Published: Winter 2021 | Volume 69, No. 10
This analysis explores the ideological nexus that the concept of border security and its associated practices occupy. This is important to explore as the principles governing a nation’s border security are driven by dominant ideological postures which manifest and result in outcomes which have a marked impact on a nations’ citizens. In the era of COVID-19, the ideological tension between neoliberalism and civic nationalism has been illuminated, with border security practices resultantly being pulled towards the protection of the economy or the security of citizens. This tension complicates border security practices, with such crises magnifying its place on an ideological battleground. The goal of this analysis is to reconceptualise how we think about border security practices and the underlying ideological drivers behind them.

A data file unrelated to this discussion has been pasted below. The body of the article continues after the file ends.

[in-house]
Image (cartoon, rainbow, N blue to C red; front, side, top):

Jamie Ferrill is a lecturer in Financial Crime Studies at the Australian Graduate School of Policing and Security. Jamie has been a university lecturer since 2013, teaching across criminology, business, and policing in Canada, the UK, and Australia. As an organisational behaviour researcher, Jamie focuses on the role of human actors and ideology in organisational processes, as well as in transnational cooperation and collaboration. She has nearly a decade of law enforcement experience, having worked for the Canadian Federal Government prior to commencing an academic career.
Kristy Campion is a Lecturer in Terrorism Studies with the Australian Graduate School of Policing and Security. She has taught tertiary terrorism studies since 2012 at both undergraduate and postgraduate level. Dr Campion’s research focuses on right wing extremism, spanning organisations and individuals, ideological narratives and identity-building, white national and supremacy, and its transhistorical and transnational dynamics. She also consults for specialist audiences and industry, and engages in media and public commentary.